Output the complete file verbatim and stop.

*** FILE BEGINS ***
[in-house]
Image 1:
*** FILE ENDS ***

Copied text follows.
[in-house]
Image 1: